Instead of documenting the March, McElwee embarks on his own odyssey, leaving a trail of humor and pathos across the south. He may seem like a pathetic sadsack, and he is, but his candidness and deadpan humor save the film. http://tinyurl.com/4c5vuzk
I'm not sure a film-maker's soul-searching schlump through the South, dreaming of nuclear holocaust, lusting after various eccentric women (all while making a pretense of shooting a Civil War doc) is to everyone's taste. But I loved it. Yes narcissistic, but also poignant, funny, and weirdly wonderful. Beautifully composed at times too. People in the Eighties were lonely too.
A one-of-a-kind documentary that when you describe it would seem to be an unbearable viewing experience but instead turns into something unique and hypnotic that holds up to repeated returns. http://eddieonfilm.blogspot.com/2010/09/only-important-things-in-life-are.html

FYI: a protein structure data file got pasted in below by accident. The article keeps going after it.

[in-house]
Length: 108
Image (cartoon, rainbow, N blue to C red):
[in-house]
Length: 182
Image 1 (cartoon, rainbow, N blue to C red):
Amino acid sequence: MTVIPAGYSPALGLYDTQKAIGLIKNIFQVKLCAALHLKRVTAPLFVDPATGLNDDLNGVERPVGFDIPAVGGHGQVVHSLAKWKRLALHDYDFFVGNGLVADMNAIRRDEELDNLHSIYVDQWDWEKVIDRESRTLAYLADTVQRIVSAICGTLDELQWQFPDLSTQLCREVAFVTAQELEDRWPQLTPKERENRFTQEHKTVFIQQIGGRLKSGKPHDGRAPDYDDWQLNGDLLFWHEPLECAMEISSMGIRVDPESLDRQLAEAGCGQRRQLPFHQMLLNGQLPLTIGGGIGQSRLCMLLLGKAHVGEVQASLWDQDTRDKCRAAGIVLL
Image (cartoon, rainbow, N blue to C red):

This movie changed my life when I saw it in 1986. It was my first inspiration to make a film myself (though it would take me many years to actually do that). SHERMAN'S MARCH made me realize that cinema could be whatever you wanted it to be; and as an innovative personal documentary it makes it so clear that the art of storytelling is all in HOW you tell it.
The good: McElwee intricately weaves a portrait of his contemporary South populated by memorable personalities.
The bad: He seems unable to think of women through any other lens than his own relationship to them. Though he recognizes this and even draws attention to it (for example by including shots where he "forgot" to turn on his tape recorder) I'm not sure that this recognition is enough.
Ross McElwee creates a documentary that intends to be about Sherman's March, gets sidetracked, and it becomes a documentary about how he himself becomes Sherman in the wake of emotional turmoil. Also, Burt Reynolds.